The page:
Tools to Empower Patients

Posted on August 22, 2011

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Tools to Empower Patients

 

The Mayor’s Health Line would like to recommend these great tools to assist Boston clients in being empowered while seeking medical services.

 

Agency for Health Care Quality and Research (AHRQ) has just launched their Explore Your Treatment Options.  Their mission, through public service advertisements and their website, is to persuade consumers to be a partner in their healthcare.  Many patients feel they should do what the doctor tells them, submit to tests and follow treatment plans without fully understanding what else is available or what the treatment plan is all about.  This program encourages patients to ask questions and provides tips on how to get started, what to ask and what you should tell your doctor.  There is a Health Priorities Tool you can fill out and print, this “health priorities snapshot” allows you to share with your doctor what is important to you in your daily life such as driving or concentrating so that you can get the treatment plan best for you.

 

Check out the website at http://www.effectivehealthcare.ahrq.gov/options

 

Another great tool is Straight talk with Your Doc. This is a workshop that was presented by Health Literacy Missouri at the IHA conference in Irvine, California in May of this year.  The idea is to teach patients how to ask questions of their doctor, how to slow down their doctor and be more confident and interactive in the patient provider encounter.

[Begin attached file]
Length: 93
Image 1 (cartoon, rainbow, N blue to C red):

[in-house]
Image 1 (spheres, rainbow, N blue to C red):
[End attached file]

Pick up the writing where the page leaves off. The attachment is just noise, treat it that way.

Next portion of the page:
Participants are recruited members of the public or a patient group.    A doctor is recruited and given a scenario in which he speaks in a very non- health literate way.  After the facilitator spends time with the group members discussing strategies and questions to ask, a volunteer is drawn from the group, given the patient version of the scenario and the role playing begins.  The doctor responds to her questions in a complicated and jargon filled manner.  It is up to the volunteer to ask the questions she has learned, to ask him to slow down, to explain medical jargon, to let him know she does not understand something and to initiate the teach-back method.   The scenario lasts about 10 minutes and then the group discusses the interaction.  A posttest culminates the event.  Manuals and an information pack are available from Health Literacy Missouri. Check out their website: http://www.healthliteracymissouri.org/
 

Last but not least, check out Ask Me 3 from the National Patient Safety Foundation

 

Three questions every patient should ask:

1) What is my main problem?
2) What do I need to do?
3) Why is it important for me to do this?

 

Check out their website at http://www.npsf.org/askme3/

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